May 2012

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#The great escape: La Grande Illusion

In past S&S polls of the greatest films of all time, Jean Renoir’s La Grande Illusion has lost out to his later, allegedly more personal film La Règle du jeu. It’s time to reconsider, says Ginette Vincendeau

#Blood and sand: Beau Travail

In the latest of our essays making the case for contenders in S&S’s poll to find the Greatest Film of All Time, Hannah McGill revisits Beau Travail, Claire Denis’s rapturous 1998 exploration of male identity in crisis

#Lost and found: Group Portrait with Lady

Like so many films by the great Yugoslavian director Aleksandar Petrovic, Group Portrait with Lady is off the radar. By Vlastimir Sudar

Cover feature: Minor quay

Since leaving his native Finland, director Aki Kaurismäki has broadened his canvas with Le Havre, but his deadpan vision remains the same. Michael Brooke talks to him, and surveys his career to date

A man apart

Artist-filmmaker Ben Rivers’s feature debut Two Years at Sea is a mesmerising portrait of life on the margins. He talks to Andréa Picard

Whit and whimsy

Fans of Whit Stillman have had a long wait for another taste of his acerbic dialogue and wry social portraiture. He talks to Nick Pinkerton about his first film in 14 years, Damsels in Distress

Revolt into style

From Futurism to Dogme, filmmakers have felt the urge to pronounce new laws of their art. Nick James charts a brief history of the manifesto

Blood and sand

In the first of two pieces on contenders for S&S’s upcoming Greatest Film of All Time poll, Hannah McGill revisits Beau Travail, Claire Denis’s rapturous 1998 exploration of male identity

Moon kampf

Timo Vuorensola’s satirical sci-fi comedy Iron Sky takes Nazi scientific theory to its illogical conclusion. By Kim Newman

A canadian in paris

What is Winnipeg’s most famous director Guy Maddin up to in the basement of the Pompidou Centre? Jonathan Romney pays his respects to ‘The Seances Project’

Selected reviews

#Film review: Breathing

Karl Markovics’ debut study of an institutionalised teenager finding release in mortuary work takes several leaves from the Dardennes’ neorealist playbook. Catherine Wheatley sees muted naturalism turn to the sublime

#Film review: The Cabin in the Woods

Drew Goddard and producer Joss Whedon’s marvellous meta-monster horror may be smarter (and funnier) than it is scary, says Kim Newman

#Film review: Damsels in Distress

The erstwhile laureate of satires of the American preppie heart, Whit Stillman breaks his 13-year silence with a decidedly tongue-in-cheek college comedy. Kate Stables wonders if its frivolity is for real

#Film of the month: Goodbye First Love

Girl meets boy, girl loses boy, girl meets older man… The new film by Mia Hansen-Løve confirms the promise of Father of My Children with a frank – and very French – look at the pangs of young love, says Philip Kemp

#Film review: Le Havre

In Aki Kaurismäki’s deadpan fairytale of working-class solidarity, quirky flirts with cutesy and bathos with true poignancy. Hannah McGill sees the raw humanity shining through

#DVD: The Mizoguchi Collection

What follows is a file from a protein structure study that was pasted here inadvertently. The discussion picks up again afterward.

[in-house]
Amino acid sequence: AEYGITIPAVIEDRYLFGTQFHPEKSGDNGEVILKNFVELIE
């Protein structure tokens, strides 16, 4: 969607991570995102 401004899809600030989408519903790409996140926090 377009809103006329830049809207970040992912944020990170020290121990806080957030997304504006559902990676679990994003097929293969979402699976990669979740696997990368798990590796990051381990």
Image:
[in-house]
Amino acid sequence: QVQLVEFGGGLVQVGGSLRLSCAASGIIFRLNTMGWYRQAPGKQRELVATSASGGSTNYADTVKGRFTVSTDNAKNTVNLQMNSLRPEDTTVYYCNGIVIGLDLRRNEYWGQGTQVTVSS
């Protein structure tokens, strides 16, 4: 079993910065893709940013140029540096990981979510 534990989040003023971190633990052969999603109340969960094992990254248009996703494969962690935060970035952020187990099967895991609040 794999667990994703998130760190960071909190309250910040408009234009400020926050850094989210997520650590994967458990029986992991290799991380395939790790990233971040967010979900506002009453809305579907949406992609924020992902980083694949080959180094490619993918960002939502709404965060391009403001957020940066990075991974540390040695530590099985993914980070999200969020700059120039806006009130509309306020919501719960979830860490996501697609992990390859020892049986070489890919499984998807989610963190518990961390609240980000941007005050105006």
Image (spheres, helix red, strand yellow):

The films of Mizoguchi Kenji combine detachment with intense emotional involvement, argues Brad Stevens

Reviews in this issue:

  • Albert Nobbs
  • Angel & Tony
  • Beauty
  • Being Elmo
  • Blackthorn
  • Film review: Breathing
  • Buck
  • Film review: The Cabin in the Woods
  • A Cat in Paris
  • Cleanskin
  • Film review: Damsels in Distress
  • Delicacy
  • The Divide
  • Elles
  • Gone
  • Film of the month: Goodbye First Love
  • Grave Encounters
  • Hara-kiri Death of a Samurai
  • Hard Boiled Sweets
  • Film review: Le Havre
  • The Hunger Games
  • Iron Sky
  • Jeff, Who Lives at Home
  • John Carter
  • London Paris New York
  • Marley
  • The Monk
  • Mozart’s Sister
  • Oliver Sherman
  • The Other Side of Sleep
  • Payback Season
  • The Pirates! In an Adventure with Scientists!
  • Project X
  • The Raven
  • Salmon Fishing in the Yemen
  • Silent House
  • Town of Runners
  • Two Years at Sea
  • Wanderlust
  • We Are Poets
  • DVD: The Mizoguchi Collection
  • DVD feature: Geoffrey Macnab revisits a quartet of post-war classics from Poland
  • DVD feature: Tim Lucas is captivated by a new film that brings Bruegel to life
  • DVD: American Dreams (lost and found)/Landscape Suicide
  • DVD: Il boom
  • DVD: The Doom Generation
  • DVD: Encounters: Four Ground-Breaking Classics of Gay Cinema
  • DVD: Friendly Fire
  • DVD: Game of Thrones
  • DVD: Her Private Hell
  • DVD: Italian Crime Collection: Fernando Di Leo
  • DVD: Films by Fritz Lang
  • DVD: Lifeboat
  • DVD: Male of the Species
  • DVD: Miracle in Milan
  • DVD: Films by Edgar Reitz
  • DVD: Carlos Saura’s Flamenco Trilogy
  • DVD: Films by Imamura Shohei
  • DVD: Treasure Train
  • DVD: Urbanized
  • Book: Nick Pinkerton savours a film-by-film appreciation of Barbara Stanwyck
  • Book: John Wrathall evaluates tips from yet another guide to the art of screenwriting
  • Book: Michael Atkinson hails a pioneering survey of the career of Russian director Alexander Sokurov
  • Book: Jane Giles relishes a good-natured account of Hollywood sexual excess from the 1940s to the 1980s
Last Updated: 20 Dec 2011